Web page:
Analysis of article using Artificial Intelligence tools
|Author||Thonipara A.; Sternberg R.; Proeger T.; Haefner L.|
|Title||Digital divide, craft firms’ websites and urban-rural disparities—empirical evidence from a web-scraping approach; Digital Divide, Websites von Handwerksunternehmen und städtisch-ländliche Disparitäten – empirische Erkenntnisse aus einer Web-Scraping Analyse|
Thonipara A.; Sternberg R.; Proeger T.; Haefner L. Digital divide, craft firms’ websites and urban-rural disparities—empirical evidence from a web-scraping approach; Digital Divide, Websites von Handwerksunternehmen und städtisch-ländliche Disparitäten – empirische Erkenntnisse aus einer Web-Scraping Analyse ,Review of Regional Research
|Link to article|| https://www.scopus.com/inward/record.uri?eid=2-s2.0-85134630427&doi=10.1007%2fs10037-022-00170-5&partnerID=40&md5=ad4ee4c9fb05da3d1d506dd3b6e55491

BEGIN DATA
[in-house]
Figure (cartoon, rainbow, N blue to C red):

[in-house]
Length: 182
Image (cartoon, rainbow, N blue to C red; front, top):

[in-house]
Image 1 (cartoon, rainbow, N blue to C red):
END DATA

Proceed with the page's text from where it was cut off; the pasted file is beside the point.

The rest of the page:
|Abstract||Following the “death of distance” postulate, digitalization may reduce or even eliminate the penalty of firms being located in rural areas compared with those in urban agglomerations. Despite many recent attempts to measure digitalization effects across space, there remains a lack of empirical evidence regarding the adoption of digital technologies from an explicit spatial perspective. Using web-scraping data for a sample of 345,000 small firms in Germany, we analyze the determinants of website prevalence. Comparing urban with rural areas, we show that running a website—as a proxy for the degree of digitalization of the respective firm—is highly dependent on location, whereby firms in urban areas are almost twice as likely to run websites compared with those located in rural areas. Our county-level analysis shows that a high population density, a young population and a high educational level have a positive and significant association with the probability that firms run websites. Surprisingly, we find a negative and significant association of gross domestic product per capita with website prevalence, which is driven by urban regions. There are no differences between urban, semi-urban and rural areas in terms of website up-to-dateness as well as social media prevalence. We conclude that there is a substantial digital divide and discuss policy implications. © 2022, The Author(s).